Crazy woman who we had bypassed a little earlier on. Crazy woman was clearly someone who was not up for sleeping in the top bunk. I get it, it’s a climb. There’s not much space, it’s hard to get to and it’s impossible to sit up. This train is literally the train from hell…
…I get it
Yet this woman somehow thought it appropriate to physically push me in order to get me to move. She was literally ramming me with her shoulder and shoving me with her hands. I tried to ignore her. I gestured at the obviously full cabin in the hope she had it in her to wait for the mere minute it would take for them to sort themselves out. Desperately, I hoped she would understand that no matter how much I wanted to move, it wasn’t an option right now.
She was not having it. At. All.
I resorted to loudly and quite angrily, snapping in her face to stop. A message that would I am sure, have gotten through any kind of language barrier. Yet she still vigorously persisted. There was nothing I could do, stand there and wait. Infuriating is not even close!
The Looooong Journey
So after escaping the now incredibly irate old lady, we clambered up to the top bunks, rammed our luggage into the tiny little rack above the door and breathed a sigh of relief. Sadly, the relief was short lived.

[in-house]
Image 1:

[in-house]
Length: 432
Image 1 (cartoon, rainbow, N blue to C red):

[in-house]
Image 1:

James made a trip to the toilet and dismally reported that they were squat toilets. I can only imagine how disgusting they were because I never actually saw them. I deliberately didn’t drink enough water so I wouldn’t need to use them. Successful as I was, it did mean that I drank minimal water for close to 19 hours, which was not fun. Welcome to the train from hell!
Then we had the joys of being the only foreigners on this absolutely full to the brim train. Not a problem in most situations. However, as foreigners can be openly stared at in disbelief in China, things can become uncomfortable. And uncomfortable it was.
I did not leave my bunk the entire trip!
Mercifully, the loud boisterous atmosphere of the train died down as soon as lights were off at 11pm, allowing us time to sleep in peace. However, the lights are turned back on again at 7am. Unnecessary given light from the sun is ample enough. Unfortunately for us, our heads were directly next to the extremely bright fluorescent lights, making for a very unpleasant awakening.
So much for a lie in!
As if the train from hell could get any worse, the shouting started. I have observed that Chinese people can be very loud when they talk. It has never really affected me before so it was never something I took much notice of.
However, when lying on a bunk, vehemently trying to get back to sleep, this loud talking can become quite aggravating. Ear plugs didn’t even work. Like cockerels crowing with the sun, the train began to fill with the shouts of people. If I could understand the language I am sure I would have been able to effortlessly listen in on multiple different conversations.
I officially given up on getting any more sleep by 8am. Quickly, I realised that I would be on this train for at least the next 5 hours.
I could have cried!
The last few hours were a blur of dehydrated, drowsy nothingness. I spent it trying to block out the racket going on around me.
And wishing I had splashed out on a private cabin…
Have you ever had a similar experience? Whats the worst journey you’ve ever had to make?
Let me know in the comments section!